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Loop: "You’re dead! What are you doing here?"


- The debut feature by Hungarian director Isti Madarász, which was unveiled in competition at Fantasporto, plunges us into the suspense of a time loop

Loop: "You’re dead! What are you doing here?"

Like a lot of young European filmmakers who grew up in an age of film that mixes works by great directors and genre films (often American ones), eager to come up with their own personal style which would first and foremost give them easier access to the world market, Hungarian director Isti Madarász chose to propel his debut feature, Loop [+see also:
film profile
(Hurok), into the world of science fiction, more specifically exploring the phenomenon of time loops, which have already given rise to a number of films, like Source Code [+see also:
film profile
by Duncan Jones, Edge of Tomorrow by Doug Liman, Wake Up and Die by Miguel Urrutia, The Infinite Man by Hugh Sullivan, and Plus One by Denis Illiadis, without forgetting the one and only Groundhog Day by Harold Ramis on the comedy front.

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The narrative structure of this sub-genre is well-known: a character is trapped in a time bubble which repeats itself endlessly, realises this and tries to break its code to free themselves from it, which generally involves becoming more moral as a person. Loop, which was unveiled this week in competition at the 37th Fantasporto Festival, follows this guiding thread to the letter, adding in another familiar variation, duplicated characters, and placing the whole thing firmly in the thriller genre by setting the story against the backdrop of the international trafficking of growth hormones taken from the pituitary glands of corpses at a hospital. 

Written by the director as a sophisticated game of chess, a tangle of combinations, signs and clues skilfully fit together at a fast pace, with the story putting its foot down right from the start: Adam (Dénes Száraz) and Anna (Dorina Martinovics) are supposed to leave that day for Helsinki, smuggling 200 vials of growth hormones across the border on behalf of Dezso (Zsolt Anger), but they plan to take off to give themselves the chance of a better life. Then Anna finds out she’s pregnant and, after a fight with Adam, goes for a check-up at the hospital where Adam’s father (Géza Hegedus D) works. After receiving the vials that are given to him by a threatening Dezso, and refusing to miss his chance, Adam decides to abandon Anna, and records a goodbye video before realising that the tickets for their intended journey have disappeared. He throws himself into looking for Anna, finding her in the street, completely distraught ("I saw you die") and holding a video cassette which, she claims, shows Adam’s murder by Deszo. Adam refuses to listen, and Anna is then run over by Deszo’s car, which suddenly appears out of nowhere. Disowning her a second time to witnesses of the incident ("I’ve never seen her before in my life"), Adam flees and goes to see his father at the hospital to borrow his car so he can leave town. But when he breaks down nearby the scene of the accident, he picks the video cassette that Anna was trying to give him up off the ground and, when he gets home, watches it only to see himself be murdered by Dezso. Entering a time loop, Adam ends up re-living this chain of events over and over again, at first denying his love for Anna once again before dividing himself in two, realising just how important Anna is to him, and trying to stop her from dying, avoiding getting killed himself, and escaping from Dezso once and for all.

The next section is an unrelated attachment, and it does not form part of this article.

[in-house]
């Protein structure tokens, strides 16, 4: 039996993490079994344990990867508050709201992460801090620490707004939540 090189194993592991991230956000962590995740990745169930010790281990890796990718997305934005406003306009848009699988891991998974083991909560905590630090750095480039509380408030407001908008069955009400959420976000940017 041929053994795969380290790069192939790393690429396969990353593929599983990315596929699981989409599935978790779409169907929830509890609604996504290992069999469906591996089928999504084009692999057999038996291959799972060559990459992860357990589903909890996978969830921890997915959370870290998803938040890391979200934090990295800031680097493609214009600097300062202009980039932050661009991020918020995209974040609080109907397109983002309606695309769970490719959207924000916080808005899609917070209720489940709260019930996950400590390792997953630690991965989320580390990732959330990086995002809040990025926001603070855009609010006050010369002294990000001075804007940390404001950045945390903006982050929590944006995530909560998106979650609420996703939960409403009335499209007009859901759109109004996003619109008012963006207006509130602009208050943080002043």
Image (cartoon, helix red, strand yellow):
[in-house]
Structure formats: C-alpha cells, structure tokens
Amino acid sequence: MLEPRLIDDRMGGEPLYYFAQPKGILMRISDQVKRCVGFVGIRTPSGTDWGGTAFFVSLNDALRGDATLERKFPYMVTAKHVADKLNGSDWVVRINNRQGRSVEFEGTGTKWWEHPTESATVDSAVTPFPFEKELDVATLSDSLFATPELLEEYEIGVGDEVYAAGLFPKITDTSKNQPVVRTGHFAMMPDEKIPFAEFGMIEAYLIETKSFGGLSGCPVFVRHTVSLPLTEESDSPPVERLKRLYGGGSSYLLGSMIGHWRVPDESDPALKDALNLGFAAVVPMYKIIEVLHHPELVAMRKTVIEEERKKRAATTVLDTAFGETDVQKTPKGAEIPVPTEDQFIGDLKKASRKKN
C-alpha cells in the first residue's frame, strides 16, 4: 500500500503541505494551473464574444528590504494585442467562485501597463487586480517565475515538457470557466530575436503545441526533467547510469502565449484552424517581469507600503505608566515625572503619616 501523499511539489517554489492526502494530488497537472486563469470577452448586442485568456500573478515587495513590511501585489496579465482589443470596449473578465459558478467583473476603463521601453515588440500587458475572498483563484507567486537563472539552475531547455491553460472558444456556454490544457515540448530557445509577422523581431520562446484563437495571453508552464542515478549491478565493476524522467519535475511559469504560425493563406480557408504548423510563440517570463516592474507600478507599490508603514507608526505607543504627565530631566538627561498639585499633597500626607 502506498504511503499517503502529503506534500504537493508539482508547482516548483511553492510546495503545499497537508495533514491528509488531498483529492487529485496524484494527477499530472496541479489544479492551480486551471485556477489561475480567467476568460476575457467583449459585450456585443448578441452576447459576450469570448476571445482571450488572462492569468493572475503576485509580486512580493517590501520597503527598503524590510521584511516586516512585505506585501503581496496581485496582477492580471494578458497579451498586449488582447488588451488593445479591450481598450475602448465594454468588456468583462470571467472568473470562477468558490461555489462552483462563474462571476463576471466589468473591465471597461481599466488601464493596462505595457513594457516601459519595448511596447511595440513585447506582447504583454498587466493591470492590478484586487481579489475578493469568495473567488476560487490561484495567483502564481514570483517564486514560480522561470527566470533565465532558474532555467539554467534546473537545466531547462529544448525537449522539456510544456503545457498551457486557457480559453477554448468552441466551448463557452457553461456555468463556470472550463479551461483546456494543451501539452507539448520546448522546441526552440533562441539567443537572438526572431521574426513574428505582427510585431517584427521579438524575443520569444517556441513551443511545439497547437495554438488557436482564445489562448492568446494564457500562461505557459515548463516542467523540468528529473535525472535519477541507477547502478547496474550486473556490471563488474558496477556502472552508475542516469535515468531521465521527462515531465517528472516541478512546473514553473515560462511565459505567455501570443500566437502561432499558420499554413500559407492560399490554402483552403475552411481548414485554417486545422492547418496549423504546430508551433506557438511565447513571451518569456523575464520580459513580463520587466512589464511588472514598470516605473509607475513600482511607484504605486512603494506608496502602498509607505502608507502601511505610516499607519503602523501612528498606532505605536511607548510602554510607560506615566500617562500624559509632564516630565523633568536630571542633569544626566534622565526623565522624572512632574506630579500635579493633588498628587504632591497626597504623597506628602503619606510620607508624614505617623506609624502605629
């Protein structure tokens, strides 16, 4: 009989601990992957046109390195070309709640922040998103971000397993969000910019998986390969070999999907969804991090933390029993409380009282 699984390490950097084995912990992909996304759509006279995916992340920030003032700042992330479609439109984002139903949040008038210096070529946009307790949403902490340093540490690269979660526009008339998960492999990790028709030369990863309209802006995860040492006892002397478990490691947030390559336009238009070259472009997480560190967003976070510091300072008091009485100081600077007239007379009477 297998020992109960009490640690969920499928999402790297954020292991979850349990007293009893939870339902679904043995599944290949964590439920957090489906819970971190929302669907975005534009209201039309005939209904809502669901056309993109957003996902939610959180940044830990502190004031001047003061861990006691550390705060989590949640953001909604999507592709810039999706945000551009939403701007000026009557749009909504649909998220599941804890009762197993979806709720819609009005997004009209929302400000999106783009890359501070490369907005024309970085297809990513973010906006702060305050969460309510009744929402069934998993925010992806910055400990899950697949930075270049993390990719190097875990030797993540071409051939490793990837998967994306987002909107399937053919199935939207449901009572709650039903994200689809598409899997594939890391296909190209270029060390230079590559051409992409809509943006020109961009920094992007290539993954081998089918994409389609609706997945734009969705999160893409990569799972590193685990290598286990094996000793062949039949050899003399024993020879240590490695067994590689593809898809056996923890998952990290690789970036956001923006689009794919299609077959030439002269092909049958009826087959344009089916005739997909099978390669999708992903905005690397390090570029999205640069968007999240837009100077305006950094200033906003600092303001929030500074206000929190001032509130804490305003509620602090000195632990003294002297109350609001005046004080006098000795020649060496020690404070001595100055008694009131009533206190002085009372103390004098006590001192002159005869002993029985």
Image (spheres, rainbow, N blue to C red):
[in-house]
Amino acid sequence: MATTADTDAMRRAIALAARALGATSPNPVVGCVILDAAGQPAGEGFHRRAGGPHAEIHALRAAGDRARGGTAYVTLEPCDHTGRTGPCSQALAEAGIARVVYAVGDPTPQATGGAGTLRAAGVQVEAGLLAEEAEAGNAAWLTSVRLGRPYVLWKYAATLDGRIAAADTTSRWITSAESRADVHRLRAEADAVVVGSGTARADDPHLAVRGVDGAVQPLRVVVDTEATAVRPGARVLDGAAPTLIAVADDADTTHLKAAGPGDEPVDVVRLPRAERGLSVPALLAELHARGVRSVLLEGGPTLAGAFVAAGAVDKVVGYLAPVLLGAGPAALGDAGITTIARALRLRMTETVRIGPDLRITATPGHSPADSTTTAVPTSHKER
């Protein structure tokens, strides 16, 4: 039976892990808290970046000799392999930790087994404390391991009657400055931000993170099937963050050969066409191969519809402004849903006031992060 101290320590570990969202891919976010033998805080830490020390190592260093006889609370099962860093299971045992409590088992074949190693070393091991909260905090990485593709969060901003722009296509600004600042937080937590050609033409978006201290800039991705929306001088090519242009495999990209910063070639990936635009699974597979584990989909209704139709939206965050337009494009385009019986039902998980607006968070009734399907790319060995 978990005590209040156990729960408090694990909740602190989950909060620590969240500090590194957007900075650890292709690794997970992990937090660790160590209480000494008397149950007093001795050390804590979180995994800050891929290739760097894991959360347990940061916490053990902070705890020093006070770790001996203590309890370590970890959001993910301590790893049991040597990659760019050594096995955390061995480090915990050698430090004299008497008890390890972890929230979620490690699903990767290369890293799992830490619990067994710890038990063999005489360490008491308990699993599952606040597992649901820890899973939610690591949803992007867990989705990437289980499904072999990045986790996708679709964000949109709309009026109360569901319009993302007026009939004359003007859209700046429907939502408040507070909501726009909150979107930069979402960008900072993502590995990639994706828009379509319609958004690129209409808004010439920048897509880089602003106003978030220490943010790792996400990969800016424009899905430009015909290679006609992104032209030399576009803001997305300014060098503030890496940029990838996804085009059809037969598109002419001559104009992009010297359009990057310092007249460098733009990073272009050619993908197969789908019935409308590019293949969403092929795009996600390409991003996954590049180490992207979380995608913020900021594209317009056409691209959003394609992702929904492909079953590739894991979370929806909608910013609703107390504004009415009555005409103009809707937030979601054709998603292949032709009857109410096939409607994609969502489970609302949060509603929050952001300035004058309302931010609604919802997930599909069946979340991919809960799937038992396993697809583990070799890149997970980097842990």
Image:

Very rhythmic, Loop doesn’t really linger on the psychological aspects of the characters and the nuances of interpretation, but works quickly to build a subtle web of all the variations on the same sequence of events repeated in the time loop. A playful concept which is very cleverly pulled off by the screenplay and the editing (by Zoltán Kovács), all wrapped up in some beautiful direction, which notably profited from the talents of director of photography András Nagy.

Produced by Café Film, Loop received support from the Hungarian Film Fund, which is handling international sales.

(Translated from French)

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